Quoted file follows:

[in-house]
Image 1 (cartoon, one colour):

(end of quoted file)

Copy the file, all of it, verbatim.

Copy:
[in-house]
Image 1 (cartoon, one colour):